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3 Principles to Avoid Being an Empty Chair Leader

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3 Principles to Avoid Being an Empty Chair Leader

An empty chair leader does not hold the best interests of the organization to heart. Instead he puts his own interests ahead of all else. And by doing so, he instills a lack of credibility in his leadership and thus operates from a disadvantaged position.

These truths rang loud and clear when I met a senior leader whom I’ll call George. George was an empty chair leader, failing to see a more effective way to lead. With a few changes in approach, he could have filled his seat at the table. Moreover, he could have had an engaged team sitting around the table with him. How?

George was new to the organization, pulled in from the outside by the CEO to lead a business unit that had recently been acquired. While he may have been a fit for past assignments, he did not have skills to engage his new team and the wherewithal to understand a different business model. From day one, George was ineffective.

Behind the scenes, he was known as the empty chair leader. And because he was not equipped to engage, he set himself and the organization back. He was a struggling leader with a frustrated team.

George didn’t get the hard rules and the changing dynamics of leadership today. He had an old playbook. That playbook was not serving him, the team he led or the business for which he had responsibility.

3 Principles to Avoid Being an Empty Chair Leader

Be servant-first instead of leader-first – George valued self-interest above service to others. My first introduction to him was at an off-site meeting. He awkwardly barged into that meeting and hijacked the agenda.

With no regard for the leader facilitating the session or the importance of the topic at hand, he created a new agenda on the fly. This agenda was all about him.

George let the attendees know how important he intended to be at an upcoming event and dominated the day with his desire to shine on stage. This approach may have been sound in meeting his one need, but it was ill conceived for the long-term. In a few short hours, the team uncovered his insecurities and identified his self-interest.

Good leaders put their needs aside in favor of the larger group. They choose to make sure they are meeting the highest priorities of those they are leading. Their focus is on the productivity and health of their organizations. One of their core beliefs is that this focus enables people to perform as highly as possible.

Be knowledgeable about the people – George was uninterested in those he led. He exhibited no curiosity about them and did not asked questions such as:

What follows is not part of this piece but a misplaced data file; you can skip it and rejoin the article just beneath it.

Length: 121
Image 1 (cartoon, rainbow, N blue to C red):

• Why do you come to work?
• What is your backgrounds?
• What values are at the core of who you are?
• What motivates you?
• What leadership style do you employ?
• What do you do outside of work?

Related: How to Master Power Questions to Engage Your Employees

Because he didn’t know answers to those basic questions, he used a “one size fits all” style for leading. And he masked his indifference with tactics such as brushing people aside, leaving active listening skills behind and cutting people off to control the conversation. George had no means to understand what help his leaders needed and how the help could best be provided.

Good leaders who know their people are adaptable and flexible with their style. They recognize that “one size fits all” leadership is not the best approach. Depending upon the situation, they are able to adapt according to who they are interacting with and what is needed in the moment.

Be present to a whole that is greater than the sum of its parts – George had a few men on the team who were his go-to guys. These guys were the ones he sought out for advice, counsel and decision-making.

He managed with a select few. By doing so, he missed out on diversity of thoughts, experiences and backgrounds. And without diversity, he did not make sound decisions. As a result, his credibility suffered.

George failed to understand that most of his team had previously been in a “community.” He could not see it, so he could not leverage it. Many on his team were close-knit colleagues who knew each other’s functional organizations well. They had a real sense for collaboration and knack for helping each other.

Good leaders create an organization that is about the collective whole. The organization becomes a community where people:

• Show up to be at their best.
• Participate with a sense of collaboration
• Know they are supported and in turn support others
• Purse excellence

Within a year, three of George’s key executives submitted letters of resignation. Others were on the hunt for something new. Why? Being a part of his organization was exhausting.

George failed to do the hard work of leadership. Apathy set in. Frustration levels reached the breaking point. His team members knew there was a better way.

Before George took the helm, the leaders in his group had passion. Their people mattered, and they mattered to each other. Their customers counted. And they had mastered the art of accountability and responsibility for results through collaboration.

Maybe if George capitalized on what was already there and used the three tactics highlighted above, he would have avoided the reputation as an empty chair leader.

How well do you serve others, know your people and believe in the power of the whole?

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